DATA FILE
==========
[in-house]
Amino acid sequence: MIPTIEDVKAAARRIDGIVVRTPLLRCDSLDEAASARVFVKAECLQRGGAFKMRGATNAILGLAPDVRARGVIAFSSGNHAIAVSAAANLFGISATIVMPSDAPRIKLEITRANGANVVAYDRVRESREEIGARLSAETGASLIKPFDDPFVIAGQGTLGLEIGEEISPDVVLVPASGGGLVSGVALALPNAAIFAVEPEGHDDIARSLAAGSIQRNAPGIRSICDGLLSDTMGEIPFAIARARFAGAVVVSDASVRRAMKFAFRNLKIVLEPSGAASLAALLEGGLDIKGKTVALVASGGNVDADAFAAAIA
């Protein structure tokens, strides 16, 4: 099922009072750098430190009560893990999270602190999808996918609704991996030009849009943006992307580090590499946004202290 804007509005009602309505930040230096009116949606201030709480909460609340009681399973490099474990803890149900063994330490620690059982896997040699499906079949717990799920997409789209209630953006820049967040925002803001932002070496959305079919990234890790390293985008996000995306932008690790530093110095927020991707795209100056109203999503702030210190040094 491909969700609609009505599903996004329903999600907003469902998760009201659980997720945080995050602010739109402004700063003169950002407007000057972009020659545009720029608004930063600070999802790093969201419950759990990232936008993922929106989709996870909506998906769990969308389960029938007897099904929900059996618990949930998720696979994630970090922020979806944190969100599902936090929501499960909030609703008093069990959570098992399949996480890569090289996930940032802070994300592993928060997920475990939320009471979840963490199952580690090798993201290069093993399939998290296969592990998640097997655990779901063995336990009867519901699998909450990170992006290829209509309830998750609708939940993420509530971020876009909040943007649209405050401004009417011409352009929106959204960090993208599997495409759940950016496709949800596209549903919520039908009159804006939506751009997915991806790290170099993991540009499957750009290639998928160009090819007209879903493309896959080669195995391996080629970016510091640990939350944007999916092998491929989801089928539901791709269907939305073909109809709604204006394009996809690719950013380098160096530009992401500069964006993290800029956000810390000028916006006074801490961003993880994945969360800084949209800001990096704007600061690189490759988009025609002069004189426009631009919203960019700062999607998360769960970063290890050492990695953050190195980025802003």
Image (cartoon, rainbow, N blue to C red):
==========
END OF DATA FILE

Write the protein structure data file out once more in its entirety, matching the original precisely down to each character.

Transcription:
[in-house]
Amino acid sequence: MIPTIEDVKAAARRIDGIVVRTPLLRCDSLDEAASARVFVKAECLQRGGAFKMRGATNAILGLAPDVRARGVIAFSSGNHAIAVSAAANLFGISATIVMPSDAPRIKLEITRANGANVVAYDRVRESREEIGARLSAETGASLIKPFDDPFVIAGQGTLGLEIGEEISPDVVLVPASGGGLVSGVALALPNAAIFAVEPEGHDDIARSLAAGSIQRNAPGIRSICDGLLSDTMGEIPFAIARARFAGAVVVSDASVRRAMKFAFRNLKIVLEPSGAASLAALLEGGLDIKGKTVALVASGGNVDADAFAAAIA
């Protein structure tokens, strides 16, 4: 099922009072750098430190009560893990999270602190999808996918609704991996030009849009943006992307580090590499946004202290 804007509005009602309505930040230096009116949606201030709480909460609340009681399973490099474990803890149900063994330490620690059982896997040699499906079949717990799920997409789209209630953006820049967040925002803001932002070496959305079919990234890790390293985008996000995306932008690790530093110095927020991707795209100056109203999503702030210190040094 491909969700609609009505599903996004329903999600907003469902998760009201659980997720945080995050602010739109402004700063003169950002407007000057972009020659545009720029608004930063600070999802790093969201419950759990990232936008993922929106989709996870909506998906769990969308389960029938007897099904929900059996618990949930998720696979994630970090922020979806944190969100599902936090929501499960909030609703008093069990959570098992399949996480890569090289996930940032802070994300592993928060997920475990939320009471979840963490199952580690090798993201290069093993399939998290296969592990998640097997655990779901063995336990009867519901699998909450990170992006290829209509309830998750609708939940993420509530971020876009909040943007649209405050401004009417011409352009929106959204960090993208599997495409759940950016496709949800596209549903919520039908009159804006939506751009997915991806790290170099993991540009499957750009290639998928160009090819007209879903493309896959080669195995391996080629970016510091640990939350944007999916092998491929989801089928539901791709269907939305073909109809709604204006394009996809690719950013380098160096530009992401500069964006993290800029956000810390000028916006006074801490961003993880994945969360800084949209800001990096704007600061690189490759988009025609002069004189426009631009919203960019700062999607998360769960970063290890050492990695953050190195980025802003």
Image (cartoon, rainbow, N blue to C red):